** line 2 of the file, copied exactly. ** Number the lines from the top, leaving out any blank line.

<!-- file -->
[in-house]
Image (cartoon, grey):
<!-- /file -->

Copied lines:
Image (cartoon, grey):